The purchase of the 41 Pratt buildings becomes Circle Capital?s largest single portfolio in Colorado, Fitzpatrick said. The company employs eight people, some of whom will be opening an office in Longmont, he said. Circle Capital owns other properties across the United States, but Fitzpatrick declined to reveal how large of a portfolio the company has.

Pratt said she will continue to keep busy managing about 125,000 square feet of commercial space and about 150,000 square feet of hospitality space, including the Radisson Hotel and Conference Center, not included in the sale. Pratt reported 187 employees in 2004. She said she hasn?t discussed the future with those employees, yet.

Fitzpatrick said the details of getting the buildings up to 95 percent occupancy still are being worked out.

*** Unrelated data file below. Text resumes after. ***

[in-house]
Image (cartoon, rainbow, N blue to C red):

?Right now, we plan on just working with the landscaping a little bit and getting some new paint on the buildings,? he said. ?We want to freshen the buildings up a bit.? He said the recovering economy and strong tenants in the buildings will help to draw new tenants.

?We really see this as a national play,? Fitzpatrick said. ?People across the nation know about Longmont.? On a recent trip to Raleigh, N.C., Fitzpatrick said a business park owner had mentioned the Longmont area as a strong competitor in the industry tenant market.
New York-based Broad Street Advisors LLC and Morgan Stanley helped broker the deal.

High price
Local Realtors said the price tag of $142 million or $71 per square foot seemed a little high, but it may pay off for Circle Capital if its purchase comes at the actual bottoming out of the local real estate market.